On the performance side, Play 2.0 is 2 to 3 times faster than Play 1.x. On a MacBook Pro with an i7 processor with 8 cores, a simple Apache bench command shows that Play 2.0 manages just fine 40 000 requests per seconds. The network stack is JBoss Netty, one of the most powerful stacks for Asynchronous NIO in Java.

On the memory footprint side, their tests show that after a full GC, the heap is back to 2 MB…

Personally, if I have a negative feedback to give, it’s that the compilation is much slower with Scala. You lose the very quick turn-around/compilation experience we had with Play 1.x. Yes, it’s slower. Scala being more complex, it takes more time to generate the code and compile it.

Type safe

Play 2.0 also brings strong typing to the HTML template part. The first reflex is : damn, I prefer the groovy way. But bit by bit, I moved to Scala and started to really appreciate the type safe template engine.

The « routes » file is also compiled. Everything is compiled in Play 2.0. This is less error-prone. If you update a function in your controller and you forget to rename it in the “routes” file, Play will properly report the error. No more « 404 What the hell » exception.

To wrap things up, Guillaume did a nice presentation of the 3 applications they wrote in September. You have a complete CRUD application, an advanced HelloWorld and a complete application with authentication. I was happy to see that Guillaume took into consideration a suggestion I had back in September : don’t bother to give a stupid helloworld example. Give me a real application so that I can start to learn the framework, see how to set-up authentication, start to read some nice code… And please : no pet-store and no stupid hotel booking application.

By the way, dear reader, did you know that the Pet-store was actually a joke ? The idea to create a Petstore was suggested by a guy at 4:00 am after too many beers at SUN. Stop and think about this for a minute : would you really buy a bird on the Internet and have it shipped in a little box ? Come on… You can’t be serious… But apparently nobody was really surprised and we still believe that we can buy birds with a J2EE application… Ah ah ah.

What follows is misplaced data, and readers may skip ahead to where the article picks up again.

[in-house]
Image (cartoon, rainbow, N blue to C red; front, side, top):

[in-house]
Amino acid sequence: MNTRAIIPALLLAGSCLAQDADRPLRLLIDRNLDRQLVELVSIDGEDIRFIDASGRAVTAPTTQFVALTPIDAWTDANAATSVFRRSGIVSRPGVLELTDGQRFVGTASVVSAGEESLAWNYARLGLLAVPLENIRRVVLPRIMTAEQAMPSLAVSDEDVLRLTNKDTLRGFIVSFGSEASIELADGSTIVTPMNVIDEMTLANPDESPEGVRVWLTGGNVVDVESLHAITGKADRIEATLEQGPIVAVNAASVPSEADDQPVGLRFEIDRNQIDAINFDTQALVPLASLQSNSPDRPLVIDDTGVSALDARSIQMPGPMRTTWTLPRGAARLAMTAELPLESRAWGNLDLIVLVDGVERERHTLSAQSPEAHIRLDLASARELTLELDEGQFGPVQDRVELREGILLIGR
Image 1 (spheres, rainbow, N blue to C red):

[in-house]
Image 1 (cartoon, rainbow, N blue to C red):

What you won’t like in Play 2.0

Now my friends, let’s me be honest : Play 2.0 is not for dummies. A lot of people want to port their code and every day, they post a bunch of questions about migration patches and yada yada yada on the mailing-list. The question is : do you really need to migrate ? Do you really need to use Play 2.0 ? Maybe ya do, maybe ya don’t.

The templates are different, but it’s not too hard to port your code. The controller side is completely new. You can write it in Java or Scala. So don’t be scared : you don’t have to be a Scala developer (yet).

Play 2.0 was created to solve new issues and new architecture patterns. It’s more like a cousin than the little brother of Play 1.x.

However, and please read this carefully : Play 1.x is a community project and will be maintained by its core contributors (Guillaume Bort, Nicolas Leroux from Lunatech, Peter Hausel, Morten Kjetland, Erwan Loisant, Peter Hilton…). Zenexity has a lot of customers with live apps in production using Play 1.x. So Play 1.x is here to stay and is still a very interesting solution to look at.

If you want to learn Scala, Play 2.0 is really a great tool. I started to learn Scala in May with Play 1.x and play-scala, and it took me one month to start, maybe 2 months to really understand Scala and appreciate the language. As a Java developer with no functional background, I really like this language. Less verbose and not that hard to learn. Don’t be afraid of the fact that there’s are some hippie-guru-functional-heretics that talk about Scala like it’s their girlfriend. If you’re just a java developer, trust me : it’s easy to learn and to work with. Don’t give a shit about people that try to look smart with « Monad or higher-order function ». Soon you will be writing more Scala code than those pseudo-evangelists ever have…